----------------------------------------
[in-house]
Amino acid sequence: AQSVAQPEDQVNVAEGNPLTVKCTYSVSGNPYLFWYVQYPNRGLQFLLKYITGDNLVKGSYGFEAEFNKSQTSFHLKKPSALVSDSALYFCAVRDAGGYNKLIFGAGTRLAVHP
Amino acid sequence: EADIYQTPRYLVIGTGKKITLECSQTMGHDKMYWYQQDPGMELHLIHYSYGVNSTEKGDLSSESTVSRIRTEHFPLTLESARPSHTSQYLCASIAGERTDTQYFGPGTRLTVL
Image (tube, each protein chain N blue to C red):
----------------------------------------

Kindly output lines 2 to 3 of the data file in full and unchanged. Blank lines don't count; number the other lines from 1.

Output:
Amino acid sequence: AQSVAQPEDQVNVAEGNPLTVKCTYSVSGNPYLFWYVQYPNRGLQFLLKYITGDNLVKGSYGFEAEFNKSQTSFHLKKPSALVSDSALYFCAVRDAGGYNKLIFGAGTRLAVHP
Amino acid sequence: EADIYQTPRYLVIGTGKKITLECSQTMGHDKMYWYQQDPGMELHLIHYSYGVNSTEKGDLSSESTVSRIRTEHFPLTLESARPSHTSQYLCASIAGERTDTQYFGPGTRLTVL